As we progress along the path parallel to Grove Street a tree on the left growing at an angle belongs to the magnolia family and because of its gherkin like fruits goes by the common name of the Cucumber Tree. It is another tree of USA origin but was introduced to the UK in 1736.
Serpentine Path

For an arboretum, Derby's is relatively small in size covering a site of only some eleven acres but Loudon used several features designed to make it appear to look bigger and concentrate the eye within the confines of the site. One such feature was the use of serpentine paths around much of the perimeter so that the walker would experience an ever changing perspective.

Another feature was the extensive use of mounds which served a dual purpose. The first was to shield walkers on adjacent paths from seeing each other thereby creating a feeling of quiet isolation. This is not quite as true today as a certain amount of settlement and an increase in the average height of the population over 170 years means that other people in the Arboretum can just be seen over the tops of the mounds. The second purpose was to encourage a view of the whole tree from the root bole up through the trunk to the canopy. The tree in the foreground of the image above is a Wild Cherry.
Caucasian Lime

The final tree in Section A on the Tree Trail is a lime introduced from the Caucasus about 1860 and is the tall upright one in the centre of this image. In fact the specimens in Derby's Arboretum are among the tallest in the UK. Naturally enough it goes by the common name of the Caucasian Lime and has become popular as a street tree in our cities as aphids do not feed on its leaves. The Tree Trail leaflet continues however, "it has a weeping growth habit which makes it unsuitable for street situations as it requires regular pruning."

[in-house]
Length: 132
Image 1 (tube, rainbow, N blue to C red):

Harriet Street Entrance

At each of the entrances to the Arboretum there is a panel (above left) that includes a map and a "You Are Here" marker and as we near the end of Section A the panel at the Harriet Street entrance (top right) also proclaims "In the original Arboretum, no tree or shrub variety appeared more than once. At the time it was one of Britain's most complete open-air collections of trees and shrubs open to the public." A similar panel at Grove Lodge reads "Entrance to the Arboretum was originally sixpence (thrupence for children), except for Wednesday and Sunday afternoons, when it was free. Universal free entry was introduced in 1882." Adjacent to the Harriet Street entrance is a "shelter" (bottom right) although this one is a reproduction.
Shelter & Fountain

The shelter faces down a straight path that separates Section A from Section B and leads to the fountain already seen from Grove Lodge. Beyond the path continues between Sections D and E to an identical shelter but this is an original. Both shelters were another of Loudon's features to focus the eye within the confines of the Arboretum as neither has nor never had a roof, seats or windows so they are both "shelters" in name only.
 Back to Part 22
 The Derby Heritage Walk Index
Continued in Part 24